We all know that it's the big guys that talk of war, and the little guys that fight and eventually die for their rhetoric...The funny thing is that, much of the time, the young people that actually go over to places that they may not even be able to point to on a map, have absolutely no real idea why they're there! Yes, they read the same newspapers the rest of us do, perhaps, and they hear the same saber-toothed speeches given by the politicians du jour, but do they really know the history, politics, people, or culture of the region to which they are being sent to kill? More importantly, do they know what the foreign policy of the US has been with a given "enemy" over the course of, say, the last fifty years?
So many of those sad kids who actually made it back from Vietnam spoke of outrage
at the "lies" and "half-truths" they were told by those in command, before they
were shipped off to fight and kill. What they found when they got there was a
country full of simple but proud and determined peasants who never asked for their
help. After years of being under oppressive French rule, most Vietnamese just
wanted to be free to manifest their own destinies, communist or otherwise. What
the United States government failed to tell our soldiers was that the Vietnamese
people overwhelmingly wanted unity after driving out the French in 1954, and that
polls showed that as many as 80% of the Vietnamese people were prepared to vote
for Ho Chi Minh for head of state. But, the United States itself moved quickly
to stop the unification and democratic elections proposed by Ho Chi Minh and his
supporters, and instead installed a US backed "puppet government" in South Vietnam,
which was run by Ngo Dinh Diem, whose last residence before taking power in Saigon
was the state of New Jersey. As the author's of the Pentagon Papers themselves
asserted "South Viet Nam was essentially the creation of the United States." I
wonder if Johnny Smith from Fargo, North Dakota, or Terence Jones from Macon,
Georgia knew that before being shipped off to Nam?
In the early 1970s after the war against the war ripped our country apart, and the Watergate fiasco just rubbed more salt into our national wound, polls showed that the American people had outright disdain and mistrust for their government, the likes of which had not been seen since the great depression. The cynicism and mistrust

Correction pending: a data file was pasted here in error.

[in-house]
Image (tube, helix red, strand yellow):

continued throughout the Ford administration when it became clear to many that the only real objective the government had was to both perpetuate itself and maintain the status quo. It had absolutely no intention of reforming itself in any way. This was evident by Ford's prearranged Nixon pardon, the light "country club" prison sentences that many in the Nixon administration received for their criminal participation in the Watergate scandal, and the overall lack of substance that resulted in the Ford presidency itself. The strides that seemed to be made by both the civil rights movement and the women's movement amounted to little more than token changes such as "affirmative action," with little improvement to the overall standard of living enjoyed by "minorities" themselves, and little increase in government accountability in Washington. The Equal Rights Amendment was never passed. Corporate control of our government continued to rise to unprecedented proportions. In fact, many corporations took advantage of the social upheaval to strengthen their power-grip on Washington, by saying something to the effect of "see, look what will happen if we let the liberals and progressives pass laws governing big business..." The state of our Union has continued to decline ever since, as was clearly evident during our last Presidential election, when rampant corporate sponsorship was ever more important than the grassroots organizing by voter constitutes.
I've heard it said that America goes through a sort of "cleansing process" every thirty years or so, thus reforming and renewing itself. But while the upheavals of the 1930s resulted in Roosevelt's "New Deal," in the long run, the "revolution" of the sixties fostered little significant government reform or social change. What we are seeing now is the continuation of a social call for change and government accountability, that has never been answered. This is not a new cleansing period, but merely a continuation of the last, after 30 yrs. of sleepiness and complacency on the part of thinking American citizens. This lack of attention on our part has resulted in the obvious "meet the new boss, same as the old boss" phenomenon we have seen in government for the last 40 years. Or rather, in today's world, what we are facing in our country is "meet the new boss, even worse than the old boss." Now, the stakes are even higher than they were in the 1960s, because Iraq is no Vietnam, and the middle east is potentially much more volatile than Southeast Asia was back then. As our very lives hang in the balance, it is up to us to define how we are seen by the rest of the world. All of us, especially those who may be called on to fight in this much debated war against Iraq, owe it to ourselves and the rest of the world to truly know and understand what is at stake here. Let's not wait for the bodybags to start rolling in before we say "hey, they lied to us!" Let's learn the truth before we fight this time...however uncomfortable knowing that truth may be...After all, in the long run, it will only be ourselves staring back at us, in that unforgiving mirror called history.
Lily Moretti is a free-lance writer and artist interested in progressive
politics. She can be reached at Democracynoww@aol.com